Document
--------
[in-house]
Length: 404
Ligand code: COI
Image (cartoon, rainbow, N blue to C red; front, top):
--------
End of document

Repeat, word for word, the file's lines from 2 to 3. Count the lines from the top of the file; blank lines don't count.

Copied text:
Length: 404
Ligand code: COI